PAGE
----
The camping weekend began when I met up with the legendary Bob Moores on the Friday lunch time, Bob had already set up his caravan and was off loading his bike when I arrived (Bob attends many camping events and acts as site security as well as riding). Our guests started to arrive mid-afternoon, so we checked them in and put them into four groups:
By early evening most had arrived with a few apologies from people who couldn’t make it. It rained most of the night but it had stopped by the time of the rider brief at 08:30 on the Saturday morning. The plan was for riders to start leaving at 09:00, staggered as most groups were heading for Rutland Rigg to start the days riding.
Numbered posts that were also colour coded had been pegged out as meeting points for each group allowing the run leaders to do their own briefing before riding. Paul’s group left first heading towards Scarborough, next away was John heading for Stokesley, then Adam & Anthony off to Whitby and finally my group heading to Scarborough.
My group hadn’t got to the end of the first lane before the first breakdown – a KTM with electrical issues (which had just come back from a KTM dealer with a clean bill of health!). They agreed for us to carry on while the two friends took the bike back to the camp site. We continued on 55 miles to lunch and fuel at the (biker friendly) Flask filling station where Tim and Andy who had the break down earlier managed to meet up with us to enjoy the rest of the afternoon.
After lunch we had our first puncture of the weekend, plenty of banter and helpful suggestions for the most effective way to repair a puncture in the middle of nowhere with limited equipment (apparently lube is the answer to a successful tyre change). The job was done and the run back to the campsite completed successfully.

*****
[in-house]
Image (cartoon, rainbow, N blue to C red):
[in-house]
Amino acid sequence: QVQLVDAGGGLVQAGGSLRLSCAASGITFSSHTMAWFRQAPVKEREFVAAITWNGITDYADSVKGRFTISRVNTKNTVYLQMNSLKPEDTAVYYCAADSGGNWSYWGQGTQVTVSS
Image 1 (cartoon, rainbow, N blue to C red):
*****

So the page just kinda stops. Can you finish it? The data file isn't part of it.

Paul’s Group headed towards Scarborough on a similar route but half an hour ahead of us – plenty of overgrown lanes with the hidden ruts we all love! The Famous ‘The Good’ was in fact good and passed with ease, though Paul was attacked by a bramble branch then later had an off (very unusual for him).
Adam & Anthony’s Group rode to Whitby via Rutland Rigg doing challenging lanes along the way. Both Adam and Anthony rose to the challenge themselves leading runs on the camping weekend – Thanks Guys for all your efforts, you did an excellent job.
John the gentleman of our group had the job of a steady away run, and with fish & chips, ice creams and cream teas he spoilt his group, though one rider damaged his throttle cable after falling off so John had to guide him safely back to the camp site. Thanks John!
No TRF event would be complete without a raffle on the Saturday night – thanks to our sponsors:
Saturday night was very wet both inside and out, the rain hammered down outside but most people took cover in the pub with some even sleeping in the local village hall to escape the rain. The Feversham Arms put on breakfast both days for any campers who preferred not to cook, so Sunday started with a breakfast then down to the camp field for a 09:00 start.
We had previously decided to swap Adam & Anthony’s Group around with mine to give all riders an experience of what we had to offer on the moors, which worked well as the run leaders had the routes off to a T.
‘The Good’ proved to be more challenging than Saturday, with one bike stuck – though we were soon through it and on our way again.
Paul headed West for an easier day, though Sheepwash proved to be a Sunday morning challenge. They finished the day with a seized engine but everyone agreeing that they‘d be back next year.
John’s Group had another good day, though one rider had their second puncture of the weekend but managed to get to the Flask garage for its repair – thanks to the Flask for the loan of a few tools! He then managed to seize his engine near the end of the ride, though the rest thoroughly enjoyed the day and made it back to camp without issue.
We would like to thank everyone who attended or helped towards the event coming together. From the feedback received we will be planning another event next year.
A very slippery ‘Sheepwash’, photographed by Paul Robson.